I was released from Maghaberry prison in September of ’89 and within days began my four-year English degree in Trinity College, Dublin. There were rounds of television and radio interviews reporting my surprising message (which I first published in February 1978) that the IRA should call off its armed struggle and enter democratic politics.

As my message travelled across the Irish sea and the Atlantic, I became better known at that time, as did the fact that I was given a role (and a desk) in Trinity Students’ Union. A message arrived for me sometime in 1990 from an Anne Miller in Belfast asking to meet me to discuss her brother, Martin. I had no idea what this was about but agreed to meet Anne briefly in Belfast on my way home to Derry one weekend.

I duly met Anne Miller and she expressed her family’s concern about her brother Martin who was involved with the republican movement and she asked if I would – or if I could – talk to Martin to try to dissuade him from any further involvement. I was sympathetic to the concerns expressed, but informed Anne that I didn’t think I had the ability to dissuade him using merely moral arguments.

Dramatic Portrayal of Dangers of False Notoriety

I checked Martin/Máirtín in Wikipedia the other day – it only refers to him as having two brothers, but in an article on his Blog I see that he was one of seven children – no reference to Anne though.

It was always easier to discuss an end to armed struggle and honest reconciliation with men who had served ten or fifteen years in prison and who had had time to think and grow, and perhaps who had gotten to know the enemy in various guises. I always found it easy to get along with my Loyalist prison friends – Kenny McClinton, Billy Mitchell, Rab Turner, Junior McClelland and Albert Brown – these men had all served big time.

But there were always republicans who had never participated in armed struggle and who therefore felt they owed it to ‘the movement’, to the prisoners and to ‘the martyrs’ to keep faith with the most extreme forms of protest and identity, including ‘the language’.

Máirtín loving himself

The somewhat embarrassing physical force vacuum they feel in their past lives is always stimulating them to give 110% to impress themselves and others. They are often doctrinaire, strident, zealous and arrogant – never moreso than about ‘the language’ – and they feel obligated to express opinions from time to time that are more extreme than those uttered by former gunners, bombers and even bolt-cutters.

Relief from the almost sexual need to express extreme devotion to The Cause probably explains Martin/Máirtín’s recent outburst claiming that Michael Stone enjoyed collusion by the RUC during his gun and grenade attack in Milltown Cemetery.


“I was there!” Martin/ Máirtín emphasised, to remind the body politic that there was at least a whiff of cordite and danger about him from Michael Stone if not from actual IRA actions.

In a previous news scoop, Máirtín’s Andersonstown News and Irish Echo ran a whitewash interview with Alfredo Scappaticci denying that he was a British agent named ‘Steak Knife’ – a scoop that later looked like fake news when Scapp fled to England to a safe British Intelligence bunker. [Read Robert Livingstone’s ‘scoop’ here.]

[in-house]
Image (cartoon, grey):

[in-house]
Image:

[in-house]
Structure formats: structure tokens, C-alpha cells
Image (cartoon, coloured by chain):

Oops, Máirtín, fake news here too?

How difficult it must have been for Martin/Máirtín to bottle up the almost Tourettes’-strength impulse to express extreme statements while he was the 58th Lord Mayor of Belfast ‘serving all the people’ as they say. As he processed toward the Cenotaph to lay a wreath honouring Britain’s war dead how he must have tightened his scrotum and bitten his tongue to prevent an outburst similar to the Michael Stone one.

You did well, Martin/Máirtín, to hold in one of those ‘break the bastards’-style utterances of your mentor and hero, Big Gerry.

Máirtín biting his tongue while honoring Britain’s War Dead

Martin/Máirtín recounts on his Blog that he felt unable to attend his Queens University graduation because the university was going to include a rendition of God Save The Queen by the RUC band – you martyr for Ireland, Martin/ Máirtín, that your generous ears should ever have to inhale such an imperialist cacophony!

You’re The Man because you wouldn’t graduate! Buíochas le Dia that you got the Quinnipiac honorary degree and gown experience instead! Loving it!

Graduate at last without God Save The Queen in his ears

How you must have burned when McGuinness and Adams couldn’t wait to listen to God Save The Queen and even shake hands with British Royalty as well. WTF!

Gerry and Charlie
Charles: “You were never a member of the IRA Army Council, Gerry????”

The French are held to believe that it takes only a yard of cloth to make a gentleman.

Martin/Máirtín, you have proven that it takes a damn site more than a yArmani of cloth to make a gentlemen of a Shinner in the political sphere.

You teach us that burning deep within even a suave sophisticate of a Shinner is a volcano of unexpressed putrid vitriol against the RUC.

And you were the Mayor who, when attacked by Loyalists in Woodvale in 2015 at your attempted tree plantation of Ulster, said at the subsequent court hearing that the PSNI officers risked their lives to save your life!

PSNI Officers save Máirtín’s life in Woodvale – he was kicked in the leg

And you had to listen to your name shouted out IN ENGLISH in Woodvale – did greater woe e’er befall The Gael? And after you hearing it in English down all the years in your family before you changed it – veteran of an abusive childhood too! Béarla!

“Not my name in English! Torture! Bigotry!”

The experiment of putting Shinners in suits in Stormont appears to have failed, a Mháirtín – tearing down is easier than building up.

It looks like you have brought us right back to @OldBelfast

Ten Years in Stormont and No Mention of an Irish Language Act